(Adds comment from rally, details)
NAIROBI, July 7 (Reuters) - Police fired tear gas in central Nairobi on Monday to disperse a crowd of few hundred anti-government demonstrators in the streets, a Reuters witness said, as others gathered peacefully for a mass rally called by the opposition at a nearby park.
The demonstrators opposed to President Uhuru Kenyatta and carrying posters of opposition leader Raila Odinga chanted "Uhuru must go" and climbed over statues, prompting police to fire half-a-dozen tear gas canisters. They swiftly dispersed.
Odinga, Kenyatta's main opponent in last year's election, called for Monday's rally to demand dialogue over recent militant assaults, an economic slowdown and other grievances. He has said it is not a bid to unseat the government.
But the build-up to the rally has stoked tensions in a nation with experience of political violence in the recent past and on edge after a spate of militant attacks, the latest at the weekend when gunmen killed at least 29 people.
"This country is not well and this government hasn't delivered a single thing from their manifesto," said Mohamed Hassan, 30, who was joining the rally in the park. "Raila Odinga wants people to get jobs and (a) poor man to get a good home."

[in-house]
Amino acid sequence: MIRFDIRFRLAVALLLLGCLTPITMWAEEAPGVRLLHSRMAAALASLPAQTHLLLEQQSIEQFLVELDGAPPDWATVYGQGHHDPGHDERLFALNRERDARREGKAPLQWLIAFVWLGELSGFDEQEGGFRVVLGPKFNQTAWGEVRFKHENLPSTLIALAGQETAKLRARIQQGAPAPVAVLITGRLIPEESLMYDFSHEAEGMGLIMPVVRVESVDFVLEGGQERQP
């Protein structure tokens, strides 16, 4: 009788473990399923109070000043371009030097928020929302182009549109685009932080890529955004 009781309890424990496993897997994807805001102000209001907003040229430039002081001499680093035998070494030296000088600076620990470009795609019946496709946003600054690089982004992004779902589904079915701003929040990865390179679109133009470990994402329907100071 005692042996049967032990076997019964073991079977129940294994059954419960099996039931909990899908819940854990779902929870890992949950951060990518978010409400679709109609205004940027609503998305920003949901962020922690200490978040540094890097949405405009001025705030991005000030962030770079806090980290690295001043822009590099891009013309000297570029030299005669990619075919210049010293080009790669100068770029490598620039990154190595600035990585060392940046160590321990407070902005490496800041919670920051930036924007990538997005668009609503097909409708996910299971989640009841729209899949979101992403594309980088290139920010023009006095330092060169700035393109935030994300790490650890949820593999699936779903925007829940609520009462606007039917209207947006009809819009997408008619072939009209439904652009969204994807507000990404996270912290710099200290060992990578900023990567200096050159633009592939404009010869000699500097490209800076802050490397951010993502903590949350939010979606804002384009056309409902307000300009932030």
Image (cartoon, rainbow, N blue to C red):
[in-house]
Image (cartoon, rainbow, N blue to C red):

About 2,000 people had gathered by midday, some dancing while music blared and others chanting slogans. The rally is not expected to get underway in earnest until later in the day. Odinga is expected to address supporters by 3 p.m. (1200 GMT).
Kenyatta aides have dismissed the call for dialogue, saying there are already channels for debate, such as parliament. They have accused the former prime minister of trying to claw his way back to power, a charge Odinga denies.
Tensions were turned up when gunmen attacked two areas on the coast on Saturday, the latest in a series of assaults that have deterred tourists and stoked frustration among Kenyans who say the state is not doing enough to protect them.
Somali Islamist group al Shabaab claimed responsibility for Saturday's attacks - one in Lamu County and the other in Tana County. But the government suggested local politicians were to blame instead. The opposition have denied any role. (Additional reporting by Ben Makori, Drazen Jorgic and Humphrey Malalo; Writing by Edmund Blair; Editing by Drazen Jorgic and Catherine Evans)